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Grigory Pasko Free At Last

Publish date: January 23, 2003

Written by: Charles Digges

Military journalist and environmental whistleblower Grigory Pasko — who has for five years fought to clear his name of espionage charges — was finally set free today at a parole hearing in Ussuriysk, Far Eastern Russia. His freedom brings to a close a campaign of harassment by the Federal Security Service that saw him branded as a traitor for his reporting on the Russian Pacific Fleet and its irresponsible handling of its nuclear waste.

It also signals a larger victory over Moscow’s ongoing cloak and dagger spy-hunt against environmental activists and whistleblowers, as well as dealing a blow to the ever-tightening grip of Vladimir Putin’s Kremlin on the free press.

"We defeated them all," said Pasko’s Lawyer, Ivan Pavlov, in a telephone interview after the four-hour hearing in Ussuriysk. Pavlov is the director of the Bellona ecological and human rights centre in St Petersburg.

"They were all working against us — the prison administration, the prosecution, special services — but we won," he said elatedly.

The victory is also a personal vindication for Pasko, who has maintained his innocence through two military trials, and who even rejected offers of pardon offered to him by Federation Council Speaker Sergei Mironov on the basis that an innocent man cannot be amnestied. The four-year sentence in a hard labour prison camp that was handed down by a military court in December 2001 brought him the support of international environmental and human rights groups and he was named the third Russian prisoner of conscience — after Andrei Sakharov and Bellona’s Alexander Nikitin — by Amnesty International.

Speaking by telephone to Bellona Web after leaving the prison colony, Pasko was delighted simply to be going home.

"My plans for tonight are to see my children, who I haven’t seen for such a long time," he said, sounding relaxed and confident. Later in the week, he said, he will fly to Moscow and greet his wife, Galina Morozova, who will be flying in from Germany.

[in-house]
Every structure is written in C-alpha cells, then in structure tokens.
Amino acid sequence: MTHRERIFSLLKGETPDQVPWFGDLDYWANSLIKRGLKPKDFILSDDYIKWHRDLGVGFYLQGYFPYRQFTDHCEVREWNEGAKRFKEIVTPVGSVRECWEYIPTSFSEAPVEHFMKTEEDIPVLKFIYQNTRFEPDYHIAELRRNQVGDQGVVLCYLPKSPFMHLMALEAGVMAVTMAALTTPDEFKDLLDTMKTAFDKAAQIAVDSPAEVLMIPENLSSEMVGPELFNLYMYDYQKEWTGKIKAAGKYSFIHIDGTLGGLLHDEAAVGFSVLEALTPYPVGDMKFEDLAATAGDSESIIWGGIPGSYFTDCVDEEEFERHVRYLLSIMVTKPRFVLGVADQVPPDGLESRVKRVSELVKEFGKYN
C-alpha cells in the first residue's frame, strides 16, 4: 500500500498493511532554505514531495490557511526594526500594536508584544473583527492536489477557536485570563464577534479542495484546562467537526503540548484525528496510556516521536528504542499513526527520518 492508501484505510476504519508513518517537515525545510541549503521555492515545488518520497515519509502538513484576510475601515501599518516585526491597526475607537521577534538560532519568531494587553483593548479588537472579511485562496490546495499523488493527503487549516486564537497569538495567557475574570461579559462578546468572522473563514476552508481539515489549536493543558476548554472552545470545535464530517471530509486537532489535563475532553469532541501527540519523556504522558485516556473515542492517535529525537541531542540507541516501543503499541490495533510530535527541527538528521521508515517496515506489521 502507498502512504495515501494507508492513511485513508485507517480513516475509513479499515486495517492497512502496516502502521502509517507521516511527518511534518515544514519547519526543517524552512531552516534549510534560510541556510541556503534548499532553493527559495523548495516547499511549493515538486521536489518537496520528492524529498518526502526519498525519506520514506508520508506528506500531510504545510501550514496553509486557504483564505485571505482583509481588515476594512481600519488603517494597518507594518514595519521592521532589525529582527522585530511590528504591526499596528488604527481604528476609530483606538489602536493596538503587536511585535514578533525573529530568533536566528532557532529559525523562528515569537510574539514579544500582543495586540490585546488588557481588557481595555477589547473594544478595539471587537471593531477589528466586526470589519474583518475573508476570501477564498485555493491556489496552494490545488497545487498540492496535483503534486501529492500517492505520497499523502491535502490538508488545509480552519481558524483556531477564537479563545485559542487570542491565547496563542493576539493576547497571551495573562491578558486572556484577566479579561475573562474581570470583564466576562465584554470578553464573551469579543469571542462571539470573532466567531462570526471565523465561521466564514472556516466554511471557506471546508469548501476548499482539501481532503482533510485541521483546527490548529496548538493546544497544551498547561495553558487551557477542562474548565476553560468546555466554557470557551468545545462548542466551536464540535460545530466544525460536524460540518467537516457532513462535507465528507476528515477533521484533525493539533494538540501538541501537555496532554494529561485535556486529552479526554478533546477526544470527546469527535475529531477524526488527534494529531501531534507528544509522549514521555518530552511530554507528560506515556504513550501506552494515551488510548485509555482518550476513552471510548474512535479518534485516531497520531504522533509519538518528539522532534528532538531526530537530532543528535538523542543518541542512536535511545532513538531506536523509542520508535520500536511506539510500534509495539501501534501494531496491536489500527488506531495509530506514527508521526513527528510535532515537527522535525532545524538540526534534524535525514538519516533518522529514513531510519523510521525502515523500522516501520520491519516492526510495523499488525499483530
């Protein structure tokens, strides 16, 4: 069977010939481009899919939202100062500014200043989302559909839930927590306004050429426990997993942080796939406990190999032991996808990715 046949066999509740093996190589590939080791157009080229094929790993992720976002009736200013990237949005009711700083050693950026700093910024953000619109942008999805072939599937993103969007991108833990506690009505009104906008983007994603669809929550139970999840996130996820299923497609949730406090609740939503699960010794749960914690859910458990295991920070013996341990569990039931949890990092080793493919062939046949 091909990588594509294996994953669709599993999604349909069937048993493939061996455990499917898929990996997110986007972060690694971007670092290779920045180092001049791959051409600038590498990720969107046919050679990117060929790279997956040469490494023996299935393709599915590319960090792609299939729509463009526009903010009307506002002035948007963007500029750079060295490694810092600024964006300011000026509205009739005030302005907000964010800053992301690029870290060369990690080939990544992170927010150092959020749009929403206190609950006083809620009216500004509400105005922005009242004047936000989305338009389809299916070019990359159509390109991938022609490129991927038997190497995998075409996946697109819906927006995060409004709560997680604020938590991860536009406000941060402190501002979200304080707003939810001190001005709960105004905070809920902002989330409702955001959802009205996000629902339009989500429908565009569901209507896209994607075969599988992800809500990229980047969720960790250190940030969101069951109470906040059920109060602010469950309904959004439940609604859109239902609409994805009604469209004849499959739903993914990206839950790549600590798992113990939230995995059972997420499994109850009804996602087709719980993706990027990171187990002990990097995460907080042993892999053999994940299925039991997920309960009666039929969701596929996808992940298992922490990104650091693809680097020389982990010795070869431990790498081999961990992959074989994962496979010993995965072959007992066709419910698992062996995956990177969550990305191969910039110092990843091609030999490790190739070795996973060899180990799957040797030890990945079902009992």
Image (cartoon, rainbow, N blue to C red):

He also said that he had received over 500 letters from supporters while in prison.

"I want to tell them how important it was to have that support and know people were thinking about me. This is a common victory for us all," he said.

Pavlov ascribed today’s victory to the fact that the parole hearing was held in the Ussuriysk city court — a civilian court "which was able to see the truth," said Pavlov, as opposed to the military courts which have twice convicted Pasko, and subsequently dismissed his appeals.

"It’s the first time a court — which was a civil court — has agreed with all the arguments of the defence. Before this, the case had only been looked at by military courts," said Pavlov.

Indeed, today’s parole hearing looked like it would shape up as another FSB puppet show orchestrated with pressure from the security services and the military — both of which have been concerned with saving face and keeping the lid on the navy’s nuclear dangers screwed tightly shut.

In recent days, Yury Kalinin, who presides over Russia’s corrections department — known by the Russian acronym GUIN — said publicly that he didn’t expect Pasko to be released. In the days leading up to the trial, the prison administration seemed to be deliberately dragging its feet in submitting necessary documentation to the court that heard Pasko’s parole case.

Then, yesterday, the prison sent a statement to the court with a recommendation against Pasko’s release. In it, they cited Pasko’s unwillingness to participate in amateur group talent shows with other inmates, his refusal to write for Road to Freedom, the GUIN newspaper, and unflattering comments he made about the prison administration in a recent letter to his wife, as reasons to deny him parole.